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How to Properly Set up Weight Distribution With Air Bag Equipped 2017 Ram 2500

Question:

Good afternoon, Between our trailer and gear ATV+ we occasionally find ourselves pushing the capacity of our tow vehicle, in the 2400 - 2500 lb range. We do have a 1200 lb WD hitch set up by the RV dealer, as well as Timbrens that I installed. I was considering adding airbags to help support the heavy weight and attempting to smooth out the loaded ride. I have recently read articles stating running both the airbags and WD hitch they may actually work against each other. Between the price of upgrading to a one ton vehicle and the infrequency of actually towing that much I would rather implement a solution with my current vehicle, a 17 Ram 2500 w/ 6.7L diesel. I have considered adding airbags obviously, I also considered upgrading to a 2500 lb progressive coil springs. Any suggestions to help beef up the suspension and possibly smooth out the ride I do realize it’s a 3/4 ton truck though even if only for peace of mind, would be greatly appreciated. Thank you

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Expert Reply:

In some situations, air bags and weight distribution can work against each other if they're incorrectly set up, but they work best for two different purposes. Suspension enhancement works best for cargo carried in the bed of the truck, while weight distribution works best for leveling out the ride height from squat caused by a trailer's tongue weight compressing the rear truck suspension.

When the two systems are used together, the recommended method is to load up the truck as needed, then inflate the air bags to level the ride as much as possible. At that point, you hitch up the trailer and set up the weight distribution system as directed in its instructions. After setting up the w/d system initially you shouldn't need to do it again unless the weight of the trailer changes.

I'm unsure if the 2400-2500 lb weight you mentioned represents what's loaded in your truck bed or if that's the weight of your trailer. If you're using the Reese # RP66074 WD system rated for a maximum weight of 1200 lbs, your particular system will work best for trailers with tongue weights from 600-1200 lbs. The best place to start is to positively identify the trailer's tongue weight, which can be accomplished as shown in one of the methods shown in the articles I've linked for you. To that tongue weight figure, you need to add the weight of anything stowed in the truck bed behind the rear axle. If the trailer tongue weight plus that portion of the cargo in the bed is below 600 lbs or above 1200 lbs, your system won't function properly. It'll also need to be properly adjusted according to the instructions. If the system isn't set up with the proper ball height and the proper head tilt, it's not going to work correctly.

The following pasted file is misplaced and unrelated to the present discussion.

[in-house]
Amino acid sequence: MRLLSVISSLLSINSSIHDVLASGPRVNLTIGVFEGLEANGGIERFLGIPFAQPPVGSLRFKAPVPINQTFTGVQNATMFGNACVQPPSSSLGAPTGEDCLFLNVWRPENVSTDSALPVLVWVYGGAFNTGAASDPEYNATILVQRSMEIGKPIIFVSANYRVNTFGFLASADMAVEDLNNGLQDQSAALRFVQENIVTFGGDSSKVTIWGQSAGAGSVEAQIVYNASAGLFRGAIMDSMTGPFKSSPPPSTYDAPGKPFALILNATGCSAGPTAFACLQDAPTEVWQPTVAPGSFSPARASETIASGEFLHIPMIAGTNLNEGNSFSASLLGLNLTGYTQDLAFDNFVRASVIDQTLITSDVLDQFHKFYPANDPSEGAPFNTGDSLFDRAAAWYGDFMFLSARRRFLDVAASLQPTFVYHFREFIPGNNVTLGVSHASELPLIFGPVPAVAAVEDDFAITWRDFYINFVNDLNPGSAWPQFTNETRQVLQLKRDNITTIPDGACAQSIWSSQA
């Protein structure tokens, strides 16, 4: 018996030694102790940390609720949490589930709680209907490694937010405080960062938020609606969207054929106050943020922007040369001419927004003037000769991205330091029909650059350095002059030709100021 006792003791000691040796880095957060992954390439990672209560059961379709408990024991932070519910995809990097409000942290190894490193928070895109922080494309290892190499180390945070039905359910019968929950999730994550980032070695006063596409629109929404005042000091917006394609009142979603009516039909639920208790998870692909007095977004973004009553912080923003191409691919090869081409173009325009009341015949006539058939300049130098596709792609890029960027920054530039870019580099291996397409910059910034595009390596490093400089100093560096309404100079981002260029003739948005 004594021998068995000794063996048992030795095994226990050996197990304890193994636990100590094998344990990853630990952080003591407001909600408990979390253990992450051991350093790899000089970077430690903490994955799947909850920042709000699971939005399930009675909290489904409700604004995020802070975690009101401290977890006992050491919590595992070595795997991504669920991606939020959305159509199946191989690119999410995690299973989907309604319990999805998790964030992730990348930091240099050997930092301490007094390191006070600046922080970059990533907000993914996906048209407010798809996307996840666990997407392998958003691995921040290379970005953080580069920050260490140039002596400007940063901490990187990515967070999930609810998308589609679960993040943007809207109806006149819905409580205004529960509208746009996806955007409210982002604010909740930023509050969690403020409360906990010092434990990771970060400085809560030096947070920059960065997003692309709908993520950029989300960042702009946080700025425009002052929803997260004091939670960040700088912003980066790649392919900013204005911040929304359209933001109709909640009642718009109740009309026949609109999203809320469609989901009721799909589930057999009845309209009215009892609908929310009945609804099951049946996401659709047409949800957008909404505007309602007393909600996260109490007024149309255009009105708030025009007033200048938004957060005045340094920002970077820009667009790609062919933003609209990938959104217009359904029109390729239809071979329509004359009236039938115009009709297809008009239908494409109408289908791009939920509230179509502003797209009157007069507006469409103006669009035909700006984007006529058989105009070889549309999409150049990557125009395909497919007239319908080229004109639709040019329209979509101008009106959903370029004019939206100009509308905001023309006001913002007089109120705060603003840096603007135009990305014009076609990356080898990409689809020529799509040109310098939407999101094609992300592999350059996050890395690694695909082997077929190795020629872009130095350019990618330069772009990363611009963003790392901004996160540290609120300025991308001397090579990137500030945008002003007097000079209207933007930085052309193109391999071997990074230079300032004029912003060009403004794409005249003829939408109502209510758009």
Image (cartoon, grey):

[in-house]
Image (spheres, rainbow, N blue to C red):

For an air bag system, I'd recommend the Air Lift # AL89289 Ultimate Plus. This system has a 5000 lb capacity and features stainless air lines and hardware for superior corrosion resistance. The system can be aired up using a standard compressor, but an onboard compressor system like # AL25854 would allow you to add or remove pressure from the system from the truck cab.

If the system you're using is the # RP66074, I'd recommend looking at the linked instructions and install video and resetting up the system from square one. Just because an RV dealer set up the system initially, it's not a guarantee that the system is set up correctly.

So, long story short. Make sure you set up things in the proper order. Load the truck bed. Inflate the air bags as desired. Then hitch up the w/d system. Make sure the system you're using is the correct one for the trailer's tongue weight plus the behind the axle truck bed cargo weight. Make sure the system is set up according to the instructions.

expert reply by:
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Mike L

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